By: Tom Fawthrop


In the Mekong River’s 4,800 km journey from the snow-capped mountains of Tibet to Vietnam delta, the Sipandon area in southern Laos stands out as a critical part of the river‘s ecosystem, blessed by raging waterfalls, picturesque islands and a small colony of endangered freshwater dolphins.

Sipandon – meaning 4,000 Islands – is an area of immense biodiversity, ecotourism and abundance of fish migration, but its survival is at serious risk from the hydropower Don Sahong dam, which is on the verge of construction.

“If this special wetlands zone is protected, it could be one of the great wonders of the world”, Carl Grundy-Warr, a geography professor at the National university of Singapore (NUS) told Asia Sentinel.

But instead of signing up to the Ramsar Convention for Wetlands Protected Areas, the Lao government has opted for a dam that will block fish migration through the Sahong channel, bypassing the waterfall at Khone Phapeng.

Hundreds of NGOs object

Mega-First Malaysia, the Malaysia-based co-developer of the 256 mw dam project along with the Laotian government, faces opposition from hundreds of NGOs in Cambodia, Thailand and Vietnam. More than 300,000 people have signed petitions to attempt to stop the dam, and Cambodian communities have staged demonstrations.

Even after calls from Mekong River Commission experts and constant calls by the governments of Cambodia and Vietnam to suspend all construction, however, preparations have steamed ahead. But now there appears to be a glimmer of hope for the 60 million people whose lives depend on a healthy, free-flowing Mekong. Dam construction that had been scheduled to start last month has been delayed.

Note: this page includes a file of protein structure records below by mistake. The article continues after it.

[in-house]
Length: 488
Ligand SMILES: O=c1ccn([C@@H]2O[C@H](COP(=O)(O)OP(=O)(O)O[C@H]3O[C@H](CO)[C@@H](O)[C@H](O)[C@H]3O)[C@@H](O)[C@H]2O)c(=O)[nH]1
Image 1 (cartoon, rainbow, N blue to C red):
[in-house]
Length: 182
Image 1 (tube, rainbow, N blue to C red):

Mekong specialist Brian Eyler, a deputy director of the Washington, DC-based Stimson Center, views the delay as linked to “a recent flurry of meetings between the governments of Laos, Vietnam, and Cambodia in the past two months,” trying to resolve the conflict over dams on the lower Mekong.

A spokesman for the Mekong River Commission confirmed that “the matter is no longer in the hands of the MRC. It’s now in the hands of the governments,” referring to the three member states but without any reported participation by Thailand.

Vientiane Remains Obdurate

Laos has up to now refused all requests from the riparian countries to engage in a joint scientific investigation of dam impacts and trans-boundary studies and suspend or postpone all dam construction on the mainstream river.

Eyler believes the current pause in the dam’s development could be attributed to downstream neighbors putting diplomatic pressure on Laos.

The impact of this projected dam, the Xayaburi dam and nine more scheduled to be built across the Mekong would also have a devastating impact much farther downriver.  Seven dams on the Chinese stretch have already reduced the natural flow of nutrient-rich sediment to the delta, the rice-bowl of Vietnam, which accounts for 20 percent of the world’s rice exports.

Research by wetlands specialist Nguyen Huu Thien based in the delta point to a grim future for 18 million people living there.

‘If all 11 dams go ahead on the Mekong, then in 20 years’ time, Vietnam will cease to be a rice exporter,” Thien said in an interview. “The delta will be sinking because the dams upstream will block the sediment. Any delta sinks when it is not replenished by sediment flow.”

If Vietnam is getting tougher with Laos, their long-time Indochina ally, it is hardly surprising. Laos unilaterally proceeded with the construction of the first dam on the lower Mekong – the Xayaburi dam, now 60 percent completed – and brushed aside demands by the riparian countries for comprehensive environmental impact studies.  China’s Sinohydro has contracted to build the dam and has completed a bridge linking the damsite on an island to the mainland.